From Henry Lee
Alexa. 9th Feby 1789
My dear Genl
Too often am I obliged to intrude on your time, which I assure you I very reluctantly do, as I well know how much the business of others avocate your attention from your own concerns.
But the importance of the business which I wish to receive your aid in, I hope will be deemed in some degree an apology.
Mr Madison & myself have determined to make sale of part of our joint property at the great falls in Europe, for the purpose of enabling us to gain possession & to improve the place comprehending & adjoining the canal.1
We find that the poverty of our own country will oppose any negotiations among ourselves, & it is important to us, that the present moment should not pass before improvements are made at the great falls.
As the value of the property and the success of vending it in Europe will greatly depend on the authenticity & respectability of the information which will accompany our overtures, we hope that we may receive a let. from you to Mr Jefferson stating from your own knowledge the extent the situation of the navigation of the potomac & the aptitude of the spot for water works & manufactory of all kinds.2
We conceive that no impropriety in any view of the subject can be possibly imputed to your compliance with our hopes, & we are sincere in our declaration that no advantage could entice us to wish or ask your aid if in your mind any objections may occur.
The ship by which we mean to transmit our papers will soon sail, so that the first leisure you may possess, will we trust enable you to furnish an answer.
I would have waited on you myself concerning this matter but prefer this method of communication, least you may view the subject in a different light from what it presents itself to us. I am my dear General with the highest respect always yours
1. In late 1788 Lee approached Madison concerning the possibility of joining him to purchase and offer to the public parcels of a tract at the Great Falls of the Potomac. See James Madison to GW, 5 Nov. 1788, and GW to Madison, 17 Nov. 1788.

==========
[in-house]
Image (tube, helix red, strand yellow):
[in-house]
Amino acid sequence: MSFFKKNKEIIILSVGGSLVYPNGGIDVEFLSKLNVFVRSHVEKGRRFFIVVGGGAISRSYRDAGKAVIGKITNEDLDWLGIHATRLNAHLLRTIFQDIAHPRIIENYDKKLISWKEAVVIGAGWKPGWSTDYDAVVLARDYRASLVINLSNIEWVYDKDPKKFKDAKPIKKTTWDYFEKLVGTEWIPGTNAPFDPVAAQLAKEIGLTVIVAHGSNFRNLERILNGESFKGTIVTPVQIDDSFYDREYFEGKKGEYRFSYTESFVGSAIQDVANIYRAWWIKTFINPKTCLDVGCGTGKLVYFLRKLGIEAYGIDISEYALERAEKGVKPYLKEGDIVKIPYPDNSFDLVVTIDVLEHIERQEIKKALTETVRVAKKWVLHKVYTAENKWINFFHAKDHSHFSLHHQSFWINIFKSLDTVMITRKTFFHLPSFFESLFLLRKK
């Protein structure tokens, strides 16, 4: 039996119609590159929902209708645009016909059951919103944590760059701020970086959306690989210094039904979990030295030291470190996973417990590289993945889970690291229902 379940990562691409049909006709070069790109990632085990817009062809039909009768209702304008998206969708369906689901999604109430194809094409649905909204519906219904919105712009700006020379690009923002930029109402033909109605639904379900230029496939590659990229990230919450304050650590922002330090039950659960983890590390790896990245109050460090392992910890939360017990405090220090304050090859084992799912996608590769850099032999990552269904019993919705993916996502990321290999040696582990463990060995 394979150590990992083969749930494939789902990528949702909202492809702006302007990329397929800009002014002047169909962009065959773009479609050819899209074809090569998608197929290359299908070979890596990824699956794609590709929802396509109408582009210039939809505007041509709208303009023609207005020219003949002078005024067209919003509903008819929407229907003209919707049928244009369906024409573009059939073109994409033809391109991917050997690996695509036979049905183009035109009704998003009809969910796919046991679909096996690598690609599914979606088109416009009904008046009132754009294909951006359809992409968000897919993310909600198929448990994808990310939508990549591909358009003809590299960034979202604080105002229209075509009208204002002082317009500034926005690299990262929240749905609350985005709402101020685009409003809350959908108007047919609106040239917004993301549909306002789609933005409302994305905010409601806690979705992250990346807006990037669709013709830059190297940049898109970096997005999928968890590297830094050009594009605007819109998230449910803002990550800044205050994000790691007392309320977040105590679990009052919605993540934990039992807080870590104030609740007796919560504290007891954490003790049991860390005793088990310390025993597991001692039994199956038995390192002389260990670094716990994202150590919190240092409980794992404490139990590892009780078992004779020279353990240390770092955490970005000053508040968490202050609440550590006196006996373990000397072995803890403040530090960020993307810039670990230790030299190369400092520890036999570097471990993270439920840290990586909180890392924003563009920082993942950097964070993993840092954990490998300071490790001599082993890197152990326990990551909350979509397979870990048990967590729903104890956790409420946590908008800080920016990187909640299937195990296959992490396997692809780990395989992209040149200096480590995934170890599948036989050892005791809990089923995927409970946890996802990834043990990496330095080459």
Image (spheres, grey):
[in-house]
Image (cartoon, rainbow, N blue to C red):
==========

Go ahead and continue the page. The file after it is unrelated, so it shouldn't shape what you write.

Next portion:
2. See GW to Jefferson, 13 Feb. 1789, and to Lee, 13 Feb. 1789. Lee wrote to Jefferson on 6 Mar. 1789, explaining the project: “The property specified is divided into equal shares, two of which your friend Mr. Madison has purchased, two of which I retain, one we mean to sell here, and the remaining three we wish to vend in Europe. Among the papers transmitted is a power of attorney in which your name has been necessarily inserted. It would give Mr. M and me pleasure, if Mr. [William] Short, Mr. G[ouverneur] Morris or any other of our countrymen willing to become an owner of one share would take on himself the execution of our views under your auspices. To such a partner or any other you may designate we would chearfully dispose of one share at the original cost. . . securing to him his right to one eight of the profits arising from sales here or in Europe” (Boyd, Jefferson Papers, description begins Julian P. Boyd et al., eds. The Papers of Thomas Jefferson. 40 vols. to date. Princeton, N.J., 1950—. description ends 14:619–21). Lee enclosed in this letter a copy of Madison’s “Remarks on the Situation at Great Falls” (Rutland, Madison Papers, description begins William T. Hutchinson et al., eds. The Papers of James Madison, Congressional Series. 17 vols. Chicago and Charlottesville, Va., 1962–91. description ends 11:421 –23). Upon receiving Lee’s and GW’s letter on 20 April, Jefferson called on Gouverneur Morris, who had arrived in Paris in January 1789, relayed Lee’s suggestion, and proposed that he, Morris, and William Short should accept the proposal. Morris refused but was willing to approach other financiers on Jefferson’s behalf (Morris, Diary of the French Revolution, description begins Beatrix Cary Davenport, ed. A Diary of the French Revolution by Gouverneur Morris. 2 vols. Boston, 1939. description ends 1:58–59, 71, 76). In September 1789 Jefferson reported to Lee the failure of his efforts to interest French investors in the scheme but offered hope that American financier Daniel Parker, now in Europe, might be more successful. In October, shortly before his departure for the United States, Jefferson wrote Parker: “I cannot help recommending to you Colo. Henry Lee’s matter. . . . if you can procure partners in his plan, it will give me real pleasure. I have perfect confidence in it because I see that Mr. Madison is a sharer, and this proves that his judgment has approved of it on the spot. General Washington’s letter is an illustration and proof of it’s advantages. I think therefore if either in London or Amsterdam you can find persons disposed to employ money on our side the water, they cannot do it more advantageously” (Jefferson to Lee, 11 Sept. 1789, and to Parker, 20 Oct. 1789, both in Boyd, Jefferson Papers, description begins Julian P. Boyd et al., eds. The Papers of Thomas Jefferson. 40 vols. to date. Princeton, N.J., 1950—. description ends 15:415–16, 526). In November 1789 Short reported there was very little hope of interesting foreign investors in the scheme; by the end of 1791 Madison had withdrawn from the project (Short to Madison, 17 Nov. 1789, and Lee to Madison, 8 Dec. 1791, both in Rutland, Madison Papers, description begins William T. Hutchinson et al., eds. The Papers of James Madison, Congressional Series. 17 vols. Chicago and Charlottesville, Va., 1962–91. description ends 12:447–49, 14:144).